• The entire argument is bogus on it’s face. For Pete’s sake, I have to show an ID (I’m 62!!) just to buy a pack of smokes at the gas station. As bad as an alcohol purchase. Yet no one is screaming how hard it is for a certain segment of society to buy those things, right?

  1. Agree but disagree on the absentee ballots. I can go for that with some exceptions, such as our military . I’m sure that there are other exceptions but that is the one that came to mind right off the top of my head but what happens these days is way out of hand.

    The military is being disenfranchised in the voting process as it is. I remember well not being able to vote as a military spouse, not just while overseas but here in the states as well because I did not reside, at the time, in the state in which I was supposed to vote (home of record). From all news accounts during every election cycle that hasn’t changed, it seems.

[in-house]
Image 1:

I dislike early voting as much as Mr. Riggio. I don’t trust it and never have and 2010 showed me, in microcosm, why.

    The flood in Nashville was used as a pretext for massive fraud at one polling place (others reported the same from their direct experiences). Granted the area was affected by flooding but nowhere near what was claimed to justify what went on. Well over 2000 votes in one precinct (an entire district here ideally has only 1870 people in it) and overwhelmingly Democrat victories.

    Extrapolate from that and convince me there wasn’t massive fraud going on with early voting, too.